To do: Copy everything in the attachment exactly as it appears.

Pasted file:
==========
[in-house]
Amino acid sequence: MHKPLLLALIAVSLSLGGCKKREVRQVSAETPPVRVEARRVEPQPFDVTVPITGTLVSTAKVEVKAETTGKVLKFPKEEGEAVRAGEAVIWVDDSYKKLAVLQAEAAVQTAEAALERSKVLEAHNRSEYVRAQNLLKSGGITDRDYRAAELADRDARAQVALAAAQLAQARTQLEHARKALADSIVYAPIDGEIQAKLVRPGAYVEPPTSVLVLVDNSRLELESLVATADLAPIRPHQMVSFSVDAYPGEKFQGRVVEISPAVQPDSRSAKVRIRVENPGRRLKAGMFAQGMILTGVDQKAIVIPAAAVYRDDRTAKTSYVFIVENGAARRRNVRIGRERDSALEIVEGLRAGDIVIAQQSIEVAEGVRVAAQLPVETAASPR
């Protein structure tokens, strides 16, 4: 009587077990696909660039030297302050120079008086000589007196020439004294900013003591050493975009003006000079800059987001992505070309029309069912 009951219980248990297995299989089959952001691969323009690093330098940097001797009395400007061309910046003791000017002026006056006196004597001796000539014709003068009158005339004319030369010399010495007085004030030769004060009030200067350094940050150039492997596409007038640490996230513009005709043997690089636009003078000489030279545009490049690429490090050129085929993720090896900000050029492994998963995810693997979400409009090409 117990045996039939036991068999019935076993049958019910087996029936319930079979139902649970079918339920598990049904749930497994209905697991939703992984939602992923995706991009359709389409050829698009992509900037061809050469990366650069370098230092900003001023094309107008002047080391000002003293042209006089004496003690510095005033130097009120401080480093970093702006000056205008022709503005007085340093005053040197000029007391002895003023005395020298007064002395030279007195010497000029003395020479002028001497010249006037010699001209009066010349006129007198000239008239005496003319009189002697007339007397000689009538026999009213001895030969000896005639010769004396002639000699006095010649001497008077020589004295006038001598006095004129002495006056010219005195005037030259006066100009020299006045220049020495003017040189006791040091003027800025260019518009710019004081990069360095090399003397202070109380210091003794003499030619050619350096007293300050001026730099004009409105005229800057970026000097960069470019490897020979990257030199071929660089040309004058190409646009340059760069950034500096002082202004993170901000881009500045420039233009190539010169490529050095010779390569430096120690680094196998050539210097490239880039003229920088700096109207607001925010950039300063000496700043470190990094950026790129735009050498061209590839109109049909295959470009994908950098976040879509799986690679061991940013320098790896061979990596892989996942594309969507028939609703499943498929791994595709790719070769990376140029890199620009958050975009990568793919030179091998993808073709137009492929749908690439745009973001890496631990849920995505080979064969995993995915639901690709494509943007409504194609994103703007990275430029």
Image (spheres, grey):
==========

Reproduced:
[in-house]
Amino acid sequence: MHKPLLLALIAVSLSLGGCKKREVRQVSAETPPVRVEARRVEPQPFDVTVPITGTLVSTAKVEVKAETTGKVLKFPKEEGEAVRAGEAVIWVDDSYKKLAVLQAEAAVQTAEAALERSKVLEAHNRSEYVRAQNLLKSGGITDRDYRAAELADRDARAQVALAAAQLAQARTQLEHARKALADSIVYAPIDGEIQAKLVRPGAYVEPPTSVLVLVDNSRLELESLVATADLAPIRPHQMVSFSVDAYPGEKFQGRVVEISPAVQPDSRSAKVRIRVENPGRRLKAGMFAQGMILTGVDQKAIVIPAAAVYRDDRTAKTSYVFIVENGAARRRNVRIGRERDSALEIVEGLRAGDIVIAQQSIEVAEGVRVAAQLPVETAASPR
């Protein structure tokens, strides 16, 4: 009587077990696909660039030297302050120079008086000589007196020439004294900013003591050493975009003006000079800059987001992505070309029309069912 009951219980248990297995299989089959952001691969323009690093330098940097001797009395400007061309910046003791000017002026006056006196004597001796000539014709003068009158005339004319030369010399010495007085004030030769004060009030200067350094940050150039492997596409007038640490996230513009005709043997690089636009003078000489030279545009490049690429490090050129085929993720090896900000050029492994998963995810693997979400409009090409 117990045996039939036991068999019935076993049958019910087996029936319930079979139902649970079918339920598990049904749930497994209905697991939703992984939602992923995706991009359709389409050829698009992509900037061809050469990366650069370098230092900003001023094309107008002047080391000002003293042209006089004496003690510095005033130097009120401080480093970093702006000056205008022709503005007085340093005053040197000029007391002895003023005395020298007064002395030279007195010497000029003395020479002028001497010249006037010699001209009066010349006129007198000239008239005496003319009189002697007339007397000689009538026999009213001895030969000896005639010769004396002639000699006095010649001497008077020589004295006038001598006095004129002495006056010219005195005037030259006066100009020299006045220049020495003017040189006791040091003027800025260019518009710019004081990069360095090399003397202070109380210091003794003499030619050619350096007293300050001026730099004009409105005229800057970026000097960069470019490897020979990257030199071929660089040309004058190409646009340059760069950034500096002082202004993170901000881009500045420039233009190539010169490529050095010779390569430096120690680094196998050539210097490239880039003229920088700096109207607001925010950039300063000496700043470190990094950026790129735009050498061209590839109109049909295959470009994908950098976040879509799986690679061991940013320098790896061979990596892989996942594309969507028939609703499943498929791994595709790719070769990376140029890199620009958050975009990568793919030179091998993808073709137009492929749908690439745009973001890496631990849920995505080979064969995993995915639901690709494509943007409504194609994103703007990275430029």
Image (spheres, grey):